Airport board approves $900k canopy rehabilitation project
The Great Falls Airport Authority board voted last week to approve up to $900,000 toward a front canopy rehabilitation project.
The majority of the project would be funded by federal infrastructure funds and $90,000 in local airport match funds.
The canopy covering the front walk is original to the building from 1975. A portion was removed in the center of the building to accommodate a remodel and the membrane of the roof was maintained, but otherwise, little work has been done to update the structure.
Great Falls airport privatizing security screening
During the airport’s sidewalk replacement project this year, a structural analysis of the canopy found that it was structurally sound but the stormwater conveyance within the structure was broken and water was coming through multiple places rather than being funneled to the appropriate downspouts, according to airport staff.
The existing canopy doesn’t have any exterior lighting under the portion parallel to the building and only one light in the entrance. The project will add lighting, according to airport staff.
Airport approves new car rental service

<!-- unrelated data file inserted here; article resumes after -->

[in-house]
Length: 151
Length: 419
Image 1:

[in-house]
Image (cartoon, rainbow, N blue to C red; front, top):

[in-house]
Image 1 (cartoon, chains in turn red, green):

The existing signage systems are failing and one nearly fell off the canopy during a wet snow last winter, becoming wedged between two columns of concrete that kept it from falling onto the sidewalk, according to staff.
The existing roofing system is a multilevel membrane and some levels drain onto lower levels where they enter downspouts, according to staff.
Airport extends Customs lease agreement
The existing roof if high maintenance and the entire roof structure is visible to the public from the second floor of the terminal and the membrane and multicolor patches are unattractive, according to staff.
“The structure of the canopy, although functional, is fairly unattractive and outdated,” according to staff.
The project approved by the board during their Oct. 25 meeting will develop a design and make recommendations to address these issues.
The likely direction will be to clad the existing canopy with siding on the upper elements and a sloped metal rood, according to staff, to keep water out of the concrete superstructure and convey it to exterior gutters into the new stormwater pipe.
Staff told the board that the plan is to pour wider bases on the existing columns to add more protection from cars and snow equipment as well as wrap the columns with a heavy gauge of metal panel that would be allowed to rust.
The project will also add lights under the canopy and new signs, according to staff, and the project will extend the life of the canopy for another 30 years.